Maryland v. Pringle Case Brief

Facts of the case

A police officer stopped a car for speeding, searched the car, and seized money from the glove compartment and cocaine from behind the back-seat armrest. The officer arrested the car’s three occupants after they denied ownership of the drugs and money. A state court sentenced Pringle, the front-seat passenger, for possessing and intending to distribute cocaine after he signed a written confession. The state appellate court reversed the conviction, holding that the mere finding of cocaine in the back armrest when Pringle was in the front-seat of a car being driven by its owner was insufficient to establish probable cause for arrest for possession.

Why is the case important?

Pringle appealed a conviction, based on lack of probable cause, when he was arrested for paraphernalia found in the back of another person’s a car, while sitting in the front.


Whether the arrest of a front-seat passenger in a car driven by its owner lacks probable cause in violation of the Fourth Amendment when the basis for the arrest is paraphernalia found in the back of the car.


When finding contraband in an automobile, there is probable cause to arrest its occupants, regardless of their proximity from the contraband.


On certiorari, the Supreme Court of the United States held that a warrantless arrest of an automobile passenger during a stop for speeding did not contravene the Fourth Amendment, where police officer, having seized $763 from glove compartment and cocaine from behind back-seat armrest, arrested all three occupants after each denied ownership of cash and cocaine. The Court explained that the probable-cause standard is incapable of precise definition or quantification into percentages because it deals with probabilities and depends on the totality of the circumstances. The Court held that the officer here had probable cause to believe that defendant was in possession of the drugs. It was an entirely reasonable inference that any or all three of the occupants had knowledge of, and exercised dominion and control over, the drugs, and thus a reasonable officer could conclude that there was probable cause to believe defendant committed the crime of possession of drugs, either solely or jointly. It was also reasonable for the officer to infer a common enterprise among the three occupants, in view of the likelihood of drug dealing in which an innocent party was unlikely to be involved. The judgment holding that defendant’s arrest lacked probable cause was reversed, and the case was remanded for further proceedings.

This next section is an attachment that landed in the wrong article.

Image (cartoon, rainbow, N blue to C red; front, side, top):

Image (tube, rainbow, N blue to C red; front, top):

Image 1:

• Advocates: Gary E. Bair argued the cause for Petitioner Sri Srinivasan argued the cause for Petitioner, on behalf of the United States, as amicus curiae Nancy S. Forster argued the cause for Respondent Steven R. Shapiro for the American Civil Liberties Union et al. as amici curiae urging affirmance Lisa Kemler for the American Civil Liberties Union et al. as amici curiae urging affirmance
  • Petitioner: Maryland
  • Respondent: Joseph Jermaine Pringle
  • DECIDED BY:Rehnquist Court
  • Location: –
Citation: 540 US 366 (2003)
Granted: Mar 24, 2003
Argued: Nov 3, 2003
Decided: Dec 15, 2003
Maryland v. Pringle Case Brief